Objective: Despite widespread HAART use, HIV disease remains associated with increased risk of kidney disease. Whether tenofovir use is associated with higher risk of kidney disease is controversial.
Design: We evaluated the association of cumulative and ever exposure to tenofovir on kidney outcomes in 10,841 HIV-infected patients from the Veterans Health Administration who initiated antiretroviral therapy from 1997 to 2007.
Methods: Cox proportional hazards and marginal structural models evaluated associations between tenofovir and time to first occurrence of proteinuria (two consecutive urine dipstick measurements ≥30 mg/dl), rapid decline in kidney function (≥3 ml/min per 1.73 m annual decline), and chronic kidney disease (CKD; estimated glomerular filtration rate <60 ml/min per 1.73 m).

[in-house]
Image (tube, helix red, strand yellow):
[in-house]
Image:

Results: Median follow-up ranged from 3.9 years (proteinuria) to 5.5 years (CKD), during which 3400 proteinuria, 3078 rapid decline, and 533 CKD events occurred. After multivariable adjustment, each year of exposure to tenofovir was associated with 34% increased risk of proteinuria [95% confidence interval (CI) 25-45, P < 0.0001], 11% increased risk of rapid decline (3-18, P = 0.0033), and 33% increased risk of CKD (18-51, P < 0.0001). Preexisting renal risk factors did not appear to worsen the effects of tenofovir. Other antiretroviral drugs showed weaker or inconsistent associations with kidney disease events. Among those who discontinued tenofovir use, risk of kidney disease events did not appear to decrease during follow-up.
Conclusion: Tenofovir exposure was independently associated with increased risk for three types of kidney disease events, and did not appear to be reversible. Because subtle kidney function decline affects long-term morbidity and mortality, the balance between efficacy and probable adverse effects requires further study.